Are you a big fan of port cities? If yes, this article will surely be something to read since we will sail through a port city that is located at the intersection of the Mediterranean Sea and the Nile River—Rasheed.
It is such a strategic city with a great historical background, particularly the Mamluk and Ottoman eras in Egypt. This is good news for heritage lovers as well. With geography and history combined in one place, what better can you ask for?
Though not widely recognised as neighbouring Alexandria, Rasheed is home to many great attractions that speak volumes about the importance of this harbour city, which unfortunately remains in the shadows. So, read on as we explore the highlights of this lesser-known city in Egypt.
The History of Rasheed City
Dating back to the 9th century, the city of Rasheed was founded in the Nile Delta region, only 65 kilometres east of the Mediterranean city of Alexandria. It is also one of two branches of the Nile River, the second being Damietta.
The site of the city has continuously been inhabited since Ancient Egypt, when the area was known as Khito under the rule of Menes. The city became known as Bolbitine during the Ptolemaic era.
A fort was built on the Ptolemaic site in 850 to serve as a defencive city during the Abbasside reign. With the Mamluks in power, the port city of Rasheed turned into an important commercial hub and continued to be so during the Ottoman rule in the 17th and 18th centuries.
But what this city is best known for is the magnificent Rosetta Stone. Here is where the hieroglyphics of old Egypt were deciphered in 1799, unlocking many of the secrets about its ancient history. It was then that the city of Rasheed gained global recognition.
Yes, this city is rich in history and has many archaeological sites that you might find interesting to visit. A tour of the essential landmarks in Rasheed will give you further insight into the Rose of the Nile.
What to Visit in the City of Rasheed?
Travelling to a multicultural city such as Rasheed means you are in for a lot of attractions worth visiting. You could as well earmark the city of Rasheed as one of your travel bucket lists. Read on as we tell you more about landmarks in Rasheed for a great experience in the port city.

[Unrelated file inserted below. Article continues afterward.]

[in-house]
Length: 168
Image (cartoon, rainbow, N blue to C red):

Visit the National Rasheed Museum
While the museum is relatively new, the house in which it is headquartered dates back to the 18th century. A four-level Arab Kulli House at the mouth of the Nile River hosts the artefacts of the museum. Named after Turkish trader Hussein Arab Kulli, this house is one of the largest in the city of Rasheed.
Visiting this museum will give you a double thrill with the displayed items and the Islamic architecture of the building. The museum showcases objects related to the history of Rasheed, particularly the struggle of its people against the French and English colonists. Pictures of the battles and manuscripts telling the stories of the city, as well as a replica of the Rosetta Stone, are niched at the museum.
Islamic coins, pottery and relics are also on display at the National Rasheed Museum, which is meant to preserve the history and heritage of the Delta city.
Visit the Mosque of El Mahrousa
This mosque boasts an intriguing blend of architectural styles that convey the rich heritage of the city of Rasheed. A fusion of designs from the Mamluk and Ottoman eras reflects the influence of the two civilisations on Rasheed.
Built on the remains of a church, the Mosque of El Mahrousa bears the hallmarks of Mamluk designs. It dates back to the 13th century under the rule of Sultan Al Mansour Qalawun. The mosque was later renovated under the Ottomans, adding domes and minarets to the original Mamluk structure. Now, it is a mix of this and that.
The interior of the mosque features decorative tiles, fantastic Islamic calligraphy and colourful motifs that add to the picturesque of the prayer hall.
Visit the Sidi Abu Mandour Mosque